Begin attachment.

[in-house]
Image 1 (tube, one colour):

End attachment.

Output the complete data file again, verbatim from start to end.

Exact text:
[in-house]
Image 1 (tube, one colour):